Britannia Howe had a big night February 24. She won first place and the People’s Choice Award at the Graduate School’s Three Minute Thesis (3MT) competition, and then almost immediately rushed off to lead the dress rehearsal for Legally Blonde, the musical she is directing and which was opening the following night.
“I’m a bit surprised (about winning). I can’t wait to tell my children,” said Howe, an M.F.A. directing candidate, who has a 5-year-old son and a 9-year-old daughter. “This has been a great opportunity to distill all the research theories that I’ve tried in my practice of directing this production and this thesis project. And it’s really brought to the surface what my goals are as an artist.”
Howe’s presentation, “‘Take It Like a Man,’ Exploring Gender Disparity in the Workplace through the Musical Legally Blonde,” focused on the work she did preparing the cast for a musical that explores feminist themes. And she explained to the audience how she brought the production up-to-date from its debut in 2001.
“This show was written and originally cast by predominantly white actors. So we asked ourselves who is being left out of the story. This led us to cast racially diverse and gender-nonconforming actors in roles that historically they haven’t been considered for to create a sisterhood of different voices,” Howe said. “When working with the actors. I used the rehearsal room as a laboratory using techniques and exercises that freed the actors to physicalize a presence of empowerment.
“… Theatre for social change is a call to action. It demands that we examine ourselves in the mirror. I believe that if we study societal issues like this one and attempt to find a solution through the arts of theater, music, and laughter, it can encourage empathy and stimulate change.” (View her entire presentation at the 29:30 mark in the video below.)
Howe was one of seven graduate students to compete in the sixth annual event that challenges participants to see who can best explain their research to a general audience in 3 minutes or less. Each student was limited to a single static slide and livestreamed their presentations from the location of their choice.
The hourlong competition, usually held before an audience in the Normal Theater, was presented via Zoom for the second consecutive year due to concerns over the coronavirus (COVID-19) pandemic. “As you can imagine, this would have been great to be in person and to see everybody, but to do this in a virtual platform, our participants did an excellent job,” Graduate School Director Dr. Noelle Selkow said. “This is one of our signature events that we’re most proud of.”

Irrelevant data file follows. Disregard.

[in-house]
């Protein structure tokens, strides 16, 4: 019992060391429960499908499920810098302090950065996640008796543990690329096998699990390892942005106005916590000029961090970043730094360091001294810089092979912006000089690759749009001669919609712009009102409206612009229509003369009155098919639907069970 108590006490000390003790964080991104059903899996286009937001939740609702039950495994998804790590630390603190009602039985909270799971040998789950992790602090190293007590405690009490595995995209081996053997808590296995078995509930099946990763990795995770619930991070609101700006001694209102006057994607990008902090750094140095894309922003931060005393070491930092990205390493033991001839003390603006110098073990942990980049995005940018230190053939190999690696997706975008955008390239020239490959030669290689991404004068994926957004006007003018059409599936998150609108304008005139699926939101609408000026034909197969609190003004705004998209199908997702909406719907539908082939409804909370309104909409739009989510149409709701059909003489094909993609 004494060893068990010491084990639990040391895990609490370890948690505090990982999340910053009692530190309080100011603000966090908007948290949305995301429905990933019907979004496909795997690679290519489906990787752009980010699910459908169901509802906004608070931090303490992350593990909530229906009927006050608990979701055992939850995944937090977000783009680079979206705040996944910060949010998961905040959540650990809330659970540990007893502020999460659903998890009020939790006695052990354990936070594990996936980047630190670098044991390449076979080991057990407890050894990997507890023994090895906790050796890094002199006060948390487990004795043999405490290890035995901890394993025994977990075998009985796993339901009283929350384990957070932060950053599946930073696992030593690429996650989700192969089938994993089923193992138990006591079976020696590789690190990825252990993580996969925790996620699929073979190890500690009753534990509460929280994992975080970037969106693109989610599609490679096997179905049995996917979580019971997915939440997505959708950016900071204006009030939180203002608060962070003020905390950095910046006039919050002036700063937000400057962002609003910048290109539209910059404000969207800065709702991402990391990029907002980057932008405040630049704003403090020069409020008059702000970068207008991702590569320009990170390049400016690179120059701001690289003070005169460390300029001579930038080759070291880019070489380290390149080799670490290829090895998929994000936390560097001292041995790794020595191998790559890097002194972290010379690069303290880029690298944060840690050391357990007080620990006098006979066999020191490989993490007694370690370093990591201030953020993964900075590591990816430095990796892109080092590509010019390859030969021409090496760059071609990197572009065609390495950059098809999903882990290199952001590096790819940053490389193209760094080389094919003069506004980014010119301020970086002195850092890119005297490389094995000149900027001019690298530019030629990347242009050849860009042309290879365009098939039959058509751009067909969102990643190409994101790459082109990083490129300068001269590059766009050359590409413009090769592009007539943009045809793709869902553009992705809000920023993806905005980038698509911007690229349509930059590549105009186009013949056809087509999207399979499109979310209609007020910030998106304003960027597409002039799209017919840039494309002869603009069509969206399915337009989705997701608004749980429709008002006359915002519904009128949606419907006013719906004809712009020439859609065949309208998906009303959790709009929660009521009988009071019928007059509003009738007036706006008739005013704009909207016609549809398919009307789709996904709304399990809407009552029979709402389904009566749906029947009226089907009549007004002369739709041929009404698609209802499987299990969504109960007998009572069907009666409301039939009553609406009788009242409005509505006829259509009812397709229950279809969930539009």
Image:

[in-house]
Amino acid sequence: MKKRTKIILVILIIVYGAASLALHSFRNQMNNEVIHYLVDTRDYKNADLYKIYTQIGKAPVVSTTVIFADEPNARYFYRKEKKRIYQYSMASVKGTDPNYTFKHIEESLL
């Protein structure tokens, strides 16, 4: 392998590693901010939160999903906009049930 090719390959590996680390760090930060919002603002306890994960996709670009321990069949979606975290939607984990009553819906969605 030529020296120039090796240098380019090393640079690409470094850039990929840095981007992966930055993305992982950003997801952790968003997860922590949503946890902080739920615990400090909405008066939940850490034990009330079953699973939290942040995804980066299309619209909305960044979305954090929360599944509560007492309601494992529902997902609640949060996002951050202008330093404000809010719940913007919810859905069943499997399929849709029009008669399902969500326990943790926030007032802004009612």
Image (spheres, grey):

About 170 people, including President Dr. Terri Goss Kinzy and Vice President for Academic Affairs and Provost Dr. Aondover Tarhule, viewed the competition. Howe received $1,500 in prize money and will move on to compete April 8 in the Midwestern Association of Graduate Schools’ contest.
Department of Psychology student Jake Solka won second place and received $500 for his presentation on his research investigating what motivates college students to drink alcohol excessively. (His speech begins at the 16:35 mark in the video below.)
“I’m always in awe of our students and the amazing things that they do. It just goes to show the incredible mentorship that our faculty are providing our students and the opportunities that our students have here,” Selkow said.
The participants were judged on communication, delivery, and organization by a three-member panel comprising Dr. John Baur, professor emeritus of Chemistry and former associate vice president for Research and Graduate Studies; Dr. Jan Murphy, professor emeritus of Family and Consumer Sciences and former vice president for Academic Affairs and provost; and Dr. Diane Wolf ’89, ’92, M.S. ’95, Ed.D. ’15, assistant superintendent of Bloomington Public Schools District 87. The People’s Choice Award was decided by a vote of those watching the competition.
One of the most poignant points of the event occurred after the presentations when Maryna Teplova, a doctoral student whose home country of Ukraine was invaded by Russian earlier that day, played piano for the audience while the judges made their decisions. WGLT radio station General Manager R.C. McBride ’99, who served as master of ceremonies, noted her connection to Ukraine in his introduction of Teploya and thanked her after her performance.
“I’m sure, if we were here in person, you’d be hearing thunderous applause right now,” he said.
The Graduate School organizes the University’s Three Minute Thesis competition—similar competitions are held worldwide—as a way to showcase the wide range of research conducted by master’s and doctoral students at Illinois State. This year’s participants represented the Department of Psychology and the School of Communication in the College of Arts and Sciences; the Department of Agriculture and School of Kinesiology and Recreation in the College of Applied Science and Technology; and the School of Theatre and Dance and the Wonsook Kim School of Art in the Wonsook Kim College of Fine Arts.
“The intent of this program is to showcase the wide variety and diversity of our students and really showcase what research can be,” Selkow said. “It isn’t always at a lab or mixing chemicals. It can be really in a wide variety of avenues.”